Caribbean leaders recently made it clear that there’s a long way to go before LGBTI people achieve full acceptance, as noted in UNAIDS’s Equal Eyes recap of the world’s LGBTI news. But there’s good news embedded in two of the following news items: A church leader in Grenada spoke against that country’s anti-gay law and a government official in Belize ended up praising the work of an activist in the LGBT community.
The head of Grenada‘s Presbyterian Church spoke out on the rights of the LGBT community. Dr. Osbert James argued that although “homosexual practice” is “immoral,” it is not a “criminal” offense.
“It is not inconsistent if some of us, while advocating for the decriminalization of sex between two consenting adults, … at the same time would refer to homosexual practice as something prohibited in scripture,” he said.
In Barbados, a rally themed “Family, Faith, and Freedom” showcased divisive viewpoints: One main speaker warning sex education would lead to “sexual perversions” and turn children into “little sexual deviants”. Representatives of Barbados Gays and Lesbians Against Discrimination called the rally “out of touch and selfish,” coming at a time when the country faces serious issues such as gun violence, child abuse, and water outages.
In Belize, the Youth and Education Minister distanced himself from the LGBT community after presenting an award to a member of that community.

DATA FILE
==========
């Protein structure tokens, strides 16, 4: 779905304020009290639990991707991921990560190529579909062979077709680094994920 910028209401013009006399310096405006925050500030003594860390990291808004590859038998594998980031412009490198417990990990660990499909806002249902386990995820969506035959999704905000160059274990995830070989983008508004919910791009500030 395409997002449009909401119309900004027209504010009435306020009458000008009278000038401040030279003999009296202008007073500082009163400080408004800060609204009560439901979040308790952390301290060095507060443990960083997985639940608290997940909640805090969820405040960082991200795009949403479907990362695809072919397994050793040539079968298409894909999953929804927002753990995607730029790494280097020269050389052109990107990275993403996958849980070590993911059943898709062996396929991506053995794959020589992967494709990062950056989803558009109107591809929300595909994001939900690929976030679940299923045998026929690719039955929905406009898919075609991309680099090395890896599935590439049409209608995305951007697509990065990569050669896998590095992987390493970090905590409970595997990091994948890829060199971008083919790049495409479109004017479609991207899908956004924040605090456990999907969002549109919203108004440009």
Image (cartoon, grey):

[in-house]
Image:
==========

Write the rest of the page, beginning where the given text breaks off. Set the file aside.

As part of Youth Month, Education and Youth Minister Patrick Faber had given the Minister’s Award to Derricia Jael Castillo, 28. That honor goes to an exemplary young person who has spearheaded a positive cause that has impacted his or her community.
Castillo, an LGBT activist and a lieutenant in the Belize Defence Force, posted on Facebook that she was honored for her positive impact in the LGBT community and in the community of people living with HIV. She noted that “this is the first time that someone has been awarded for their work with the LBGT community from any government entity that is mandated to interface with the youth population.”
Faber responded with a threat — later retracted — to rescind the award. He said she was honored for HIV work and not work with the LGBT community. He will not be taking the award away, at least not unless a proper review has been conducted.
In the end, Faber posted an apology to Castillo on Facebook, saying that while Castillo’s LGBT work was not considered when giving her the award, it should have been.